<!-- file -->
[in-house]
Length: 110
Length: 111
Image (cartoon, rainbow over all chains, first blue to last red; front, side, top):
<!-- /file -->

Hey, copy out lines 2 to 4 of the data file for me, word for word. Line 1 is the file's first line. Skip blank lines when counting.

Length: 110
Length: 111
Image (cartoon, rainbow over all chains, first blue to last red; front, side, top):